Sad news for kids and adults alike as. The much-wish-listed line of robotics construction toys will be discontinued by the end of this year, nearly a quarter-century after its 1998 introduction, while support for the mobile apps will continue for another couple of years. It’s probably fair to say that Mindstorms launched an entire generation of engineering careers, as it provided a way to quickly prototype ideas that would have been difficult to realize without the snap-fit parts and easily programmed controllers. For our money, that ability to rapidly move from idea to working model was perhaps the strongest argument for using Mindstorms, since it prevented that loss of momentum that so often kills projects. That was before the maker movement, though, and now that servos and microcontrollers are only an Amazon order away and custom plastic structural elements can pop off a 3D printer in a couple of hours, we can see how Mindstorms might no longer be profitable. So maybe it’s a good day to drag out the Mindstorms, or even just that big box of Lego parts, and just sit on the carpet and make something.
Have you ever wondered what it sounds like when a solar storm crashes into Earth’s magnetosphere? We’re not sure the question has ever crossed our mind, but having heard, we can’t say it’s what we would have expected. We’d have thought it would be something like , but it’s something else entirely. There’s a lot in there; at first it sounds like a forest fire, then rattling chains followed by someone dropping a box of screws on the floor, all backed up by the sound of bubbling lava and heavy breathing. It’s truly creepy, so much so that it would make a great soundtrack for that Halloween haunted house. The data are from a solar storm that hit the Earth in 2022, when the Sun was just waking up again for the start of Solar Cycle 24; we can’t help but wonder what it sounds like now that we’re in .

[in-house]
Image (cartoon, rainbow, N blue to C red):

We spotted an alarming headline this week:But as it turns out, the distance in question is approximately the radius of the bore of a functional MRI machine, since that’s where your head needs to be for this “new technique” to work. Previously, decoding the electrical impulses in a person’s brain required electrodes implanted deep within it, an invasive procedure that most people would probably not fail to notice having undergone. The fMRI method, which measures the flow of oxygenated blood in the brain as a proxy for neural activity, is certainly less invasive than the holes-in-the-head method, but again a reasonably alert person might notice around them. And it’s not even like this method actually reads thoughts in real time — the data have to be analyzed after the fact, and then only “decodes the semantic meaning” of what’s
Commodore 64 fans will want to check out. The past never looked so cool! The 64-TX, which has a standard C64 case with an LCD display and a chunky joystick mounted where the keyboard should be, is our favorite. There’s no build info, so it’s all just eye candy, but it’s pretty tasty and may serve as inspiration for those C64s you’ve got lying around.
If you’re as big a fan of regular expressions as we are, you’ll want to check out. Chris Johnson’s online game was inspired by , except that instead of killing zombies with your words, you’re knocking out regexes that match ever-changing text prompts. Each round is timed, and there are bonus points for coming up with non-obvious patterns that match the input, so there’s a lot of pressure to perform. We’re a bit rusty with our regexes, so it only took a couple of rounds before tapping out. But it was fun to get back in the groove again.
And finally, what would Halloween be without the potential for your kids to bring home treats laced with foreign objects? We suggest you go through the treat bags carefully and if you see something like this, make sure you get it before the kiddies do.